BERLIN — The main natural gas pipeline between Russia and Germany shut down for scheduled maintenance Monday, raising concerns that Moscow could use the repairs as a pretext for a longer shutdown as it wields energy supplies as leverage in the Ukraine war.
“Everything is possible, everything can happen,” he told Deutschlandfunk radio on Sunday. “We have to prepare for the worst.”
Speaking at a business conference in southern France, French Finance Minister Bruno Le Maire went further, saying that a total cutoff was “the most likely scenario.” He said that “it would be totally irresponsible to ignore this scenario.”
The Nord Stream 1 pipeline pumps about 55 billion cubic meters of natural gas under the Baltic Sea to Germany each year. From there, it is also distributed to other countries in Europe. Virtually the entire European Union has said that weaning itself off Russian gas should be a priority, but several member countries remain heavily reliant on Moscow.
Despite scrambling to diversify its supply since Moscow’s invasion of Ukraine, Germany is still reliant on Russia for about 35 percent of its supplies, while France gets 17 percent of its gas from Russia.
As it tries to build gas reserves before the winter, when demand is at its highest for heating in homes, the German government has urged consumers to conserve energy by taking cooler showers and using less air conditioning. Some large residential landlords have gone further, limiting overnight heating and hot water for tenants.
Habeck, who has said he’s taking shorter showers, has laid out an emergency plan in the event of a further crunch on supplies, which would involve the government intervening in the energy market.
At Berlin’s urging, Canada agreed over the weekend to return a turbine for the Nord Stream 1 to Germany, despite Ukrainian objections. The equipment has been stranded in Montreal, where it underwent repairs, because of Canadian sanctions on Russia.
Germany had feared that if the turbine was not returned in time for the scheduled maintenance, Russia could use that as an excuse not to turn the gas back on. Last month, Russia cut flows to 40 percent of the pipeline’s total capacity, citing delays in the return of equipment for service, a move Western nations called “energy blackmail.”
The Ukrainian government on Sunday criticized Canada’s decision to return the turbine, saying it would embolden Moscow to “continue to use energy as a tool of hybrid warfare against Europe.”
Ukrainian officials have argued that there is no technical basis for Russia’s demand that the turbine be returned because the pipeline can operate without it. Moscow, they say, is choosing to weaponize gas flow in retaliation for sanctions.
“This dangerous precedent violates international solidarity, goes against the principle of the rule of law and will have only one consequence: it will strengthen Moscow’s sense of impunity,” Ukraine’s foreign and energy ministries said in a statement.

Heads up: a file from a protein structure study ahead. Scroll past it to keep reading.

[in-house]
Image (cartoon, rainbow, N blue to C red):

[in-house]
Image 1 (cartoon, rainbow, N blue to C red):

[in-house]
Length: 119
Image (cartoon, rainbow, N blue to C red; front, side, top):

Since Russia’s full-scale invasion in February, Ottawa has penalized more than 1,000 people and entities, including Russia’s oil and gas sector and its manufacturing industry.
But the tussle over the turbine has Canada, home to the world’s second-largest Ukrainian diaspora, caught between two allies: Germany, a NATO partner, and Ukraine.
Alexandra Chyczij, president of the Ukrainian Canadian Congress, characterized the decision as “bowing to Russian blackmail,” while Canada’s opposition Conservative Party said it would damage the country’s “standing on the world stage.”
The State Department, however, said it supported Ottawa’s decision.
“In the short term, the turbine will allow Germany and other European countries to replenish their gas reserves, increasing their energy security and resiliency and countering Russia’s efforts to weaponize energy,” spokesman Ned Price said Monday.
Jonathan Wilkinson, Canada’s natural resources minister, said Saturday that the permit to return the turbine is “time-limited and revocable.”
“Absent a necessary supply of natural gas, the German economy will suffer very significant hardship,” he said, “and Germans themselves will be at risk of being unable to heat their homes as winter approaches.”
Reis Thebault reported from Washington and Amanda Coletta from Toronto. Kendra Nichols in Seoul contributed to this report.
War in Ukraine: What you need to know
The latest: Russian President Vladimir Putin signed decrees Friday to annex four occupied regions of Ukraine, following staged referendums that were widely denounced as illegal. Follow our live updates here.
The response: The Biden administration on Friday announced a new round of sanctions on Russia, in response to the annexations, targeting government officials and family members, Russian and Belarusian military officials and defense procurement networks. President Volodymyr Zelensky also said Friday that Ukraine is applying for “accelerated ascension” into NATO, in an apparent answer to the annexations.
In Russia: Putin declared a military mobilization on Sept. 21 to call up as many as 300,000 reservists in a dramatic bid to reverse setbacks in his war on Ukraine. The announcement led to an exodus of more than 180,000 people, mostly men who were subject to service, and renewed protests and other acts of defiance against the war.
The fight: Ukraine mounted a successful counteroffensive that forced a major Russian retreat in the northeastern Kharkiv region in early September, as troops fled cities and villages they had occupied since the early days of the war and abandoned large amounts of military equipment.
Photos: Washington Post photographers have been on the ground from the beginning of the war — here’s some of their most powerful work.